Alexander 'Tracker' Riley: The Remarkable Life of NSW's First Aboriginal Police Sergeant (2023)

WThey areAlexander „Tracker“ RileyIn 1911, shortly after his 27th birthday, he joined the New South Wales Police Force in Dubbo. The Wiradjuri man's knowledge and instinct for finding lost and runaway people became the stuff of legend.

He could read the country fluently, using skills first taught to him at the age of eight by an aboriginal tribe in the Condobolin bushland. He could tell if a fugitive was running, walking, or tired by looking at footprints, broken sticks, bruised grass, and torn up ant trails. A colleague recalled that he knew “all the birds and all the animals” and their calls. As is well known, he always carried a bottle of milk with him in case he needed something to eat. the lost people he would often find successfully.

In one of his most famous cases, Riley tracked down murderer Albert "Mad Mossy" Moss, who claimed to have killed 13 people in 1939. While searching through the ashes beside a Narromine stream, he found the bones of a victim Moss he had murdered for a horse and cart. Riley testified in Moss's three-count murder trial. (Moss's death sentence was commuted to life in prison.)

Riley is the subject of a new dance theater production,tracker, which opens at the Sydney Festival before traveling to Perth and Adelaide. Choreographer and co-director of the show.daniel rileyhe is her great-grandnephew; he hopes the production of Tracker will celebrate Riley's life.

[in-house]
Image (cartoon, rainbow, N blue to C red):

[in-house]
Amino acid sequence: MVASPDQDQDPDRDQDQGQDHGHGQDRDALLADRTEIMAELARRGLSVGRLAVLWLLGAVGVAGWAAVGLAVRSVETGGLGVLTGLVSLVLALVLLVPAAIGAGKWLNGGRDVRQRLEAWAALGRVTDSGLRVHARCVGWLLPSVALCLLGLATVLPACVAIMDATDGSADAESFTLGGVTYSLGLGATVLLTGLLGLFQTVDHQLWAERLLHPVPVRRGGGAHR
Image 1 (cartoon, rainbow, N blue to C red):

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"People won't know who Uncle Alec is, but after this show they will definitely know him and our ongoing cultural resilience," he says.

Tracker Riley performed an "incredible balancing act," says his great-grandnephew, as "a black man wearing a colonial uniform in service to a crown, asking him to use his cultural knowledge that the colonial project was trying to erase."

But days before opening night comes turbulence. The only actor on the show.Ari Mace long, who was to play both Tracker Riley and his great-grandnephew Archie (based on Daniel), is forced to drop out suddenly due to the unexpected death of his grandmother Vera Blankman, the Dutch-born widow of the late activist Meriam/Yidindji. Bob Maza, who was one of the founders that he wasNational Black Theater.

Maza Long and her mother,Raquel Maza, who is also co-director of Tracker and art director ofnew moonTheater Company, both have left the show to attend to shady business. (They are expected to return in time for the show to run at the Perth Festival.)

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Just days before the opening in Sydney, a new actor is being cast in a gender-blind rotation: actor and director.Abbie Lee Lewis, a woman from Kalkadoon who will play the two male roles in Sydney. During rehearsals, she walks around with her hair in a ponytail, learning her lines and marking her steps with yellow chalk on black linoleum. She picks up a blue jacket laden with stones as if she's cradling a baby.

"You were looking in the wrong place," he says, playing on his intonation. "Let him understand."

As he reads the lines, Lewis is only now learning about the tragic case of Desmond Clark, a two-and-a-half-year-old boy who went missing in the Pilliga bush in 1940. Tracker Riley had a theory: the moon was full the night Desmond disappeared, so he believed that the child had walked towards the light. But his racist grandfather refused to let Riley onto his property to help find the boy.

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A search party of 750 people was unable to find the boy. Months later, after the old man's death, Riley conducted her own search for him. She found the boy's bones within 12 hours in a chalk pit not far from the family's home. The original search party had gone in the wrong direction.